Facebook Twitter YouTube

18027

Distinct Phenotypes of Children with Perianal Perforating Crohn Disease

Saturday, October 20, 2012: 1:24 PM
Napoleon Ballroom (Hilton Riverside)
Scott S. Short, M.D.1, Marla Dubinsky, M.D.2, Shervin Rabizadeh, M.D., M.B.A.2, Sharmayne Farrior, B.S.N.2 and Philip K. Frykman, M.D., Ph.D.3, (1)Surgery, Children's Hospital Los Angeles, Los Angeles, CA, (2)Pediatric Gastroenterology, Cedars Sinai Medical Center, Los Angeles, CA, (3)Surgery, Cedars Sinai Medical Center, Los Angeles, CA

Purpose:  Perianal perforating disease (PF) has been reported in approximately 15% of children with Crohn disease (CD).  It is unknown whether children who present with PF at the time of diagnosis have a different course than those that develop PF while on therapy.  The aim of this study was to compare phenotype and outcome differences in children who present with PF to those who developed PF while on therapy for CD.

Methods:  Data were obtained from a prospective, single institution observational registry recording clinical phenotype and laboratory data in children diagnosed with CD < 18 years of age.  We identified all patients with perianal perforating CD, defined as perianal abscesses and/or fistulae; anal fissures and skin tags were excluded.  We compared patients who presented with perianal perforating CD (PF0) to those who developed perianal perforating CD (PF1) after initial diagnosis. Wilcoxon rank test was performed on continuous variables and Fisher exact test on categorical data. P <0.05 was considered significant.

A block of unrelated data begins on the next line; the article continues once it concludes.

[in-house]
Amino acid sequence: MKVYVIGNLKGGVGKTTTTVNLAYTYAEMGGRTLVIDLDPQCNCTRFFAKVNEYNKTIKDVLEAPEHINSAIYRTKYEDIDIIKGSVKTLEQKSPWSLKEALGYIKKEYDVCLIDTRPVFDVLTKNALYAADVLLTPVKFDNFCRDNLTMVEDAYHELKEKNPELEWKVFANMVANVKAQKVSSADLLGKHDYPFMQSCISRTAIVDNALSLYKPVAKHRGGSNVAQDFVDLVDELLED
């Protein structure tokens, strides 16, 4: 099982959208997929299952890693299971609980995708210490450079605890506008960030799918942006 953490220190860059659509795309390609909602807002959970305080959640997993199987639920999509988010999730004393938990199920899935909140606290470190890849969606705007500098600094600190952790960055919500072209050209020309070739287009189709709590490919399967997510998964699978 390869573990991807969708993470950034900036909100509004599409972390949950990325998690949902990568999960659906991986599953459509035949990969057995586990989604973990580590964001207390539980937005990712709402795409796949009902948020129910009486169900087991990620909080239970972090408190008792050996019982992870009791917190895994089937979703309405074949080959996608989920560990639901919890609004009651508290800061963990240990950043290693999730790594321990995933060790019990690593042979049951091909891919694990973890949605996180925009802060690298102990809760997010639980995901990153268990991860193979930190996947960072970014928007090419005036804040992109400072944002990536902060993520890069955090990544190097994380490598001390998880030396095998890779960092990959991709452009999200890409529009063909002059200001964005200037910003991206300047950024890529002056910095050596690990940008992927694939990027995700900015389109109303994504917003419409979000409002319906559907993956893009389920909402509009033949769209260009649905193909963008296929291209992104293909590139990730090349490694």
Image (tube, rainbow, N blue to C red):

Results:   We identified 215 CD patients.  Thirty-eight (18%) presented with, or developed PF during a median follow up of 4.5 years.  Twenty-six (68%) of patients presented with PF and twelve (32%) developed PF at a median follow up of 13.5 months. Patients presenting with PF were more likely male (81% vs. 50%, p=0.07), younger (9.3 yrs vs. 12.5 yrs, p=0.02), and have a lower BMI (17.6 vs. 22.5, p = 0.001). While PF1 patients were more likely to require diverting ileostomy (42% vs. 8%, p=0.02) and had a trend toward colectomy (25% vs. 4%, p =0.08) (Table). Use of immunomodulatory and biologic therapy was similar in both groups.

Procedure

PF0

PF1

P value

OR

95% CI

Any Crohn's Surgery (%)

69

67

1.0

1.12

0.26 – 4.85

Colectomy (%)

4

25

0.08

0.12

0.1 – 1.31

Small Bowel Resection (%)

15

17

1.0

0.91

0.14 – 5.81

Diverting Ileostomy (%)

8

42

0.02

0.12

0.02 – 0.74

I &D Perianal Abscess (%)

62

50

0.75

1.6

0.4 – 6.36

Seton Placement (%)

27

17

0.69

1.84

0.32 – 10.58

Conclusion:   Pediatric Crohn disease patients who present with PF at the initial time of CD diagnosis have a distinct phenotype and require less frequent diverting ileostomy and colectomy compared with those who develop PF after the diagnosis of CD.  Continued longitudinal study of this cohort may yield further insight in disease phenotype and hence have implications on management.